Described in U.S. Pat. No. 5,756,050 is a further sample dispenser which has a bar with a conical tapered tip. The end of the tip is provided with a hydrophilic coating. A hydrophobic coating is applied to the adjacent surfaces.
The invention is based on the problem of creating a sample dispenser for the application of liquid samples to a sample absorbing area, which is of simple design, can reliably take up and reliably transfer to a sample absorbing area small sample volumes (<1 microliter), and is suitable for automatic operation in which not every sample take-up and every sample delivery can be checked individually.
The problem is solved by a sample dispenser with the characteristics of claim 1. Advantageous developments of the invention are specified in the subsidiary claims.
The sample dispenser according to the invention for the application of liquid samples to a sample absorbing area is formed by a sample dispenser body with a sample pick-up surface. The sample pick-up surface is bounded by a continuous edge and is provided with a flat recess such that, when the sample pick-up surface is dipped, a droplet of liquid sample of predetermined size adheres to the sample pick-up surface and is dispensed by placing of the sample pick-up surface on the sample absorbing area.
Tests have shown that, with the sample dispenser according to the invention, the desired amounts of liquid samples are reliably taken up solely by dipping the sample pick-up surface into the liquid sample, and reliably dispensed solely by placing on the sample absorbing area. The sample absorbing area has preferably a certain absorbency which, however, may be significantly less than that required in the use of the sample dispensers with capillaries described above.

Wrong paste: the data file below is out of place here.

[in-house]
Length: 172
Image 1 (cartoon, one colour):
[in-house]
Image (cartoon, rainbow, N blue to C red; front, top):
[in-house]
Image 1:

The sample dispenser according to the invention is very simple in design; the sample quantity which it is desired to transfer is set by the recess of the sample pick-up surface and is reproducible with surprising exactness. The sample quantity is influenced by the physical properties, in particular the surface tension, of the sample liquid. The greater the surface tension of the sample liquid, the larger are the liquid droplets transferred by the sample dispenser according to the invention. The nature of the sample liquid is therefore to be taken into account in dimensioning the recess of the sample pick-up surface.
In the course of developing the present invention, various types of sample dispenser have been tested, e.g. pipette tips, steel capillaries, glass capillaries and various sample dispensers with long grooves or notches. With all these sample dispensers, the problems described above regarding transfer of the sample liquid to the sample absorbing area occurred.
Also tested was a sample dispenser with a flat sample pick-up surface of predetermined size, in which the surface had been roughened. While this embodiment certainly allowed for reliable transfer of the sample liquid to the sample absorbing area, sample droplets of widely varying size were taken up on dipping into the sample liquid, so that with this sample dispenser too it is not possible to transfer a reproducible sample quantity.
Only the sample dispenser according to the invention has met the requirements satisfactorily, so that it may also be used in an automatic process.
The invention is described in detail below with the aid of the embodiments depicted in the drawings, which show:
The free end of the tip 4 forms a sample pick-up surface 5. In the present embodiment the sample pick-up surface 5 is circular (
Introduced from the upper end of the shank section 2, concentric to the longitudinal axis 8, is a hole 9 extending as far as the transition section 3. Introduced in the area of the upper end of the sample dispenser body 1, at right-angles to the hole 9, is a tapped hole 10. A locating bar of an operating device, e.g. of a robot for amplifying or sequencing DNAs, may be inserted in the hole 9 and fixed by means of a screw screwed into the tapped hole 10. The sample dispenser according to the invention is fastened to the operating device with the sample pick-up surface 5 facing downwards.